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12-16 September 2005
University of Liverpool
Europe/Zurich timezone

Development of a thinned back-illuminated CMOS Active Pixel Sensor for Extreme Ultra Violet Spectroscopy and Imaging in Space Science

15 Sep 2005, 16:45
University of Liverpool

University of Liverpool

Greenbank Conference Park
Contributed Talk Applications in Space Science S13 : Applications in Space Science


Dr Nick Waltham (Space Science and Technology Department, Rutherford Appleton Laboratory)


We describe our programme to develop a large-format, science-grade, monolithic CMOS active pixel sensor for future space science missions, and in particular an extreme ultra-violet spectrograph for solar physics studies on ESA’s Solar Orbiter. Our route to EUV sensitivity relies on adapting the back-thinning and rear- llumination techniques first developed for CCD sensors. Our first large-format sensor consists of 4kx3k 5µm pixels fabricated on a 0.25 µm CMOS imager process. Wafer samples of these sensors have been thinned by e2v technologies with the aim of obtaining good sensitivity at EUV wavelengths. We present results from both front and back-illuminated versions of this sensor. We also present our plans to develop a new sensor of 2kx2k 10 µm pixels which will be fabricated on a 0.35 µm CMOS process. In progress towards this goal, we have designed a test-structure consisting of six arrays of 512x512 10 µm pixels. Each of the arrays has been given a different pixel design to allow verification of our models, and our progress towards optimizing a design for minimal system readout noise and maximum dynamic range. These sensors will also be back-thinned for characterization at EUV wavelengths.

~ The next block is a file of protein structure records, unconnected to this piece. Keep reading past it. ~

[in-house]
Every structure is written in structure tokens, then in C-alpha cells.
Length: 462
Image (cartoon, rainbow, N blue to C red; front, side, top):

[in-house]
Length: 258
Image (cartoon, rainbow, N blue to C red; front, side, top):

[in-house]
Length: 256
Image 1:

Primary author

Dr Nick Waltham (Space Science and Technology Department, Rutherford Appleton Laboratory)

Presentation materials